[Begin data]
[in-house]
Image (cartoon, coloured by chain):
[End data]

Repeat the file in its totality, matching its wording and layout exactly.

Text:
[in-house]
Image (cartoon, coloured by chain):